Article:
October 25th   Leave a comment

jgannet1

A juvenile gannet on the lookout for fish

A fish spotted

A fish spotted

This week there has been an interesting contrast at sea. If you have been looking out there these last two weeks it will have seemed pretty similar – strong winds and rough seas. The contrast is in the wind direction. Up until the end of last week we had strong easterlies and since we have had strong westerlies. The result is a huge decrease in the number of seabirds passing Crail. One evening this week I looked out and saw only two gannets in ten minutes rather than the 200 of a week before. The same is true for kittiwakes. There has still been a steady passage of auks to and fro all week. Today at Fife Ness I had a juvenile pomarine skua going south like a rocket well out to sea, soaring sideways into the wind in loops that made it appear and disappear in big arcs on the horizon. This is “dynamic soaring” that the bigger seabirds do, looping down and up and travelling hundreds of miles in a day with barely a wing beat. Apart from this pom nothing else of great note this week. No little gulls or shearwaters (not even fulmars still!).

A fish targeted!

A fish targeted!

This afternoon I went out to Anstruther to look for a couple of Mediterranean gulls reported yesterday evening. It was very windy and I only managed to track down the usual. But it was nice watching the black-headed gulls behaving like storm petrels – kiting into the wind and trailing their feet just into the water to stabilise themselves and then picking up small prey from the surface of the sea. As I was in Anstruther I checked out all the redshanks for any of my colour-ringed birds. There is one, LLLR (Lime over Lime on the left leg and Lime over Red on the right), that moved to Cellardyke the winter after I first caught it (as an adult) in the harbour in Crail. It’s been over there for two winters now so I think it has changed its wintering territory for good. Most of the redshanks I mark in Crail stay here for the rest of their life, although birds in the first year sometimes disappear a few weeks after I catch them (I may have made them feel insecure about Crail as a safe place…). It is hard to say if a bird disappears whether it has moved or died. Anything that moves further away than Anstruther is unlikely to be resighted. I suspect at least one or two of the other adults that have apparently died have just moved elsewhere in the Forth, but by and large I think this is unusual. It is much better to stick with where you know and any adult moving will have to find space in another place that will already likely be full of other redshanks. I didn’t find LLLR but coincidentally John Anderson did, complete with photo. It was roosting on the very high tide in the churchyard at Anstruther – all the usual sites were completely covered and it is very sheltered there. Probably not the safest place with respect to cats and sparrowhawks but yesterday there will have been few options out of the wind at high tide.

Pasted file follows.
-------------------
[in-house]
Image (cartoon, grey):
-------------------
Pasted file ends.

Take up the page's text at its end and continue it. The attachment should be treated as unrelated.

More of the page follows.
The Crail redshank that has moved to live in Anstruther.

The Crail redshank that has moved to live in Anstruther.

Posted October 26, 2014 by wildcrail in Sightings

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